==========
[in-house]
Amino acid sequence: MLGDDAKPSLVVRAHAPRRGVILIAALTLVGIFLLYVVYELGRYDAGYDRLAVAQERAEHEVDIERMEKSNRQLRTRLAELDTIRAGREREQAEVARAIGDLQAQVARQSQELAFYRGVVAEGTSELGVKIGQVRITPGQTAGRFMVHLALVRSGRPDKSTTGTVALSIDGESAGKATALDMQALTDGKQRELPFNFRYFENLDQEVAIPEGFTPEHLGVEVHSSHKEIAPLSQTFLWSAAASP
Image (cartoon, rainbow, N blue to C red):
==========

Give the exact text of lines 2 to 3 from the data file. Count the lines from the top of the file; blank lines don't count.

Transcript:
Amino acid sequence: MLGDDAKPSLVVRAHAPRRGVILIAALTLVGIFLLYVVYELGRYDAGYDRLAVAQERAEHEVDIERMEKSNRQLRTRLAELDTIRAGREREQAEVARAIGDLQAQVARQSQELAFYRGVVAEGTSELGVKIGQVRITPGQTAGRFMVHLALVRSGRPDKSTTGTVALSIDGESAGKATALDMQALTDGKQRELPFNFRYFENLDQEVAIPEGFTPEHLGVEVHSSHKEIAPLSQTFLWSAAASP
Image (cartoon, rainbow, N blue to C red):